6. So I actually go to BU and the vibe I got/have is not so much that the departments are competitive but that they just have different philosophies regarding training. Maybe that results in disagreements but I've only been here a week so I probably am not privy to them yet. Again, PM if you want more specific details but broadly, GPN: This is the main neuro program available and is very heavy into systems neuroscience but seems to be the best funded and supported among the three. It is housed on the main campus with most faculty in either CILSE (the brand new beautiful tower for neuro and s
  7. It's because you're a trained physician which I have no idea what to make of especially with you being from India. Also, the cognition of music is a very odd (not bad just uncommon) thing to be interested in and might restrict your options.
  8. I'm in BU BBC and I know a fair bit about all three programs (my lab is in A&N and I interviewed with GPN [but didn't get in') but you'll have to PM me if you want info and I'll give you my personal email.
  9. So your profile is a bit odd to me and is very atypical for a neuroscience applicant in the U.S. If I was a committee member, I'd like to see specific research experience in a traditional neuroscience lab; was this your experience? What journals are you authored in and are they regional ones from India? I know of someone with a very similar and profile as you (might even be you) and they are getting a master's in Europe to allay such concerns. I also don't know if an MBBS from India is of any value and committee's are a conservative bunch when it comes to addressing degrees they don't know abo
  10. Well what are you trying to do long-term? An MS in neuroscience is largely unhelpful especially given that you already have an MS in psych which is a neighboring field. If you have to pay for the MS in neuro, I'd say don't bother. Even if you didn't have to pay, I'd probably also say don't bother. Really the only thing you should be going into now is either working in industry or a PhD program; to that end, I'd advise you just to try to enter a neuroscience lab through your psych PhD.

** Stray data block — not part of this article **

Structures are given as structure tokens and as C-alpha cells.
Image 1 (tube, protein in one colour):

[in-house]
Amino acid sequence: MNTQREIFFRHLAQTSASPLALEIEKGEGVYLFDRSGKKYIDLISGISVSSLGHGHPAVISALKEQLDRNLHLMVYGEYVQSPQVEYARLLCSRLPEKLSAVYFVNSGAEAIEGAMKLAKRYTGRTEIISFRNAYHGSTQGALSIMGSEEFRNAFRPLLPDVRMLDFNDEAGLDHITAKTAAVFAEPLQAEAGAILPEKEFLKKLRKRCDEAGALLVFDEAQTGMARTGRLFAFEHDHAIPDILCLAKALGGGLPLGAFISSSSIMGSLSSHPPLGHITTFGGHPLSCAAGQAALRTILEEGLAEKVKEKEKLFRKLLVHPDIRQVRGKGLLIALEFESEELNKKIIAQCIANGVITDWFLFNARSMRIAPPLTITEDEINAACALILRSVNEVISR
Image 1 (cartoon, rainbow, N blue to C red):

11. Your GRE doesn't generally matter although tour quant is pretty low; it won't get you disqualified if your other stats are strong but it will be a reason to deny you if they're deciding between you and another candidate. Going for top-tier places like Princeton or Duke, it will really depend on your other stats.
  12. Nothing related to neuroscience probably unless you're a scientist at one of the few companies that do it (someplace like Inscopix or NeuroPhotometrics or a pharma) or a staff scientist at one of the places like the Allen Institute. Most everyone just leaves is what I hear.
  13. Good luck to you all! So many memories, so many tears; I miss it in some sick way.
  14. Straight to PhD. MS's cost money usually and you're getting equivalent experience in your neuro postbacc. Really the MS is only for those who have zero science experience and are looking to switch into neuro.
  15. A few of those programs are harder than you think to get into and I would probably move them into Reach programs namely NYU and Chicago possibly also BU (I might be biased but my interview cohort there were also interviewing at places like NYU, Northwestern, MIT, etc.). I think it doesn't have as prestigious of a reputation but it draws some of the same caliber of applicants as those applying to the two big name Boston schools (MIT and Harvard) who use it as their "back-up"; a lot of the people I met decided to go to places like UCSD, UCSF, Yale, Karolinska, etc but nevertheless you'd have to